Mississippi Sandhill Crane National Wildlife Refuge
Conserving the Nature of America
Eco Umbrellas

The “Eco Umbrellas” program teaches about the interconnectivity of all the living things around us. Specifically, the program emphasizes the importance of wet pine savanna habitat for the endangered cranes and the role of fire in maintaining the savanna. The cranes serve as an umbrella species - as we restore the gulf coast habitats for cranes - we also benefit other wildlife populations, such as ground nesting birds.

Kids using Binoculars
     
Brief Overview of the Program: This free program takes about 3 hours of on-refuge time, depending on the size of the group. Larger groups will need more time. Picnic tables are available for lunch breaks.

Before their field trip, students will have watched the video. Ideally, they will have also filled out the video worksheet and completed the definition activity (video and worksheets available for free - contact us!). When the bus arrives, a brief introduction & overview of the day’s program will be given.  Students will be divided into groups and then into pairs. Each pair of students should receive an activity sheet and a clipboard.

Download Mississippi State Educational Benchmark Correlations for 5th Grade or 6th Grade.

 
There are 3 main elements to the Eco Umbrellas program. Additional elements may be added for larger groups to keep group sizes smaller for rotation through the program.
 

Fire Ecology

 

Fire Ecology – Savannas are grasslands with widely scattered trees. Usually, these are pine trees, oaks and small numbers of other species.

Historically, fires would sweep across vast expanses of savanna, using the grass and pine needles as starter fuel, small shrubs and young trees were often cleared out – keeping the savanna open.

Students will be introduced to the concepts of fire ecology. Why, when and how we burn. They will understand the important role of weather in determining the possibility of a prescribed burn.

Hands on activities using fire weather kits and other equipment make the fire portion of the program a class favorite.

Before they leave, students will have filled out the fire ecology portion of their activity sheet.

 

Crane Biology – Mississippi sandhill cranes are one of the rarest population of birds in the United States. They are endangered with only 100-110 left in the wild.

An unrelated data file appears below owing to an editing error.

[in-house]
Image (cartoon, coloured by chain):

Because they do not migrate, habitat fragmentation on the coast has been one of the limiting factors for the survival of this species. They are dependant upon the availability of open savanna for nesting and feeding and open ponds for roosting.

Students will be introduced to crane biology of individual cranes and of the population as a whole (calls, social activities, dancing, etc). They will understand how biologists monitor the cranes and how the data collected helps us contribute to crane conservation on a global level.

Before they leave, students will have filled out the crane biology portion of their activity sheet.

 
Crane costume
 
On the burnt trail
 

Gulf Coast Habitat – Wet pine savanna and other gulf coast habitats have high densities of different plants. With the great diversity of plants, the land can support many species of wildlife – including cranes and ground nesting birds, sparrows, woodpeckers, lizards and more. Maintaining these habitats helps all the animals that live in them.

Wet pine savannas are called that because they are often wet. Wet soil is often poor in nutrients that plants need to grow. Carnivorous plants are adapted to living in nutrient-poor soil by trapping and digesting insects.


It is best if the Eco Umbrellas program can be done at the refuge, but we understand if funds limit the availability of busses, etc. If you are interested in the program, please contact us for options.
     
Last updated: August 26, 2010